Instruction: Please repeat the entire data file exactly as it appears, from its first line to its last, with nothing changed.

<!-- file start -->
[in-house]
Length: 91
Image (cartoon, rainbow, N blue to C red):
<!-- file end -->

[in-house]
Length: 91
Image (cartoon, rainbow, N blue to C red):